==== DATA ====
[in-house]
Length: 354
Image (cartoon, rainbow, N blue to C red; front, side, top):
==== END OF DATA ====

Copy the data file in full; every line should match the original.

[in-house]
Length: 354
Image (cartoon, rainbow, N blue to C red; front, side, top):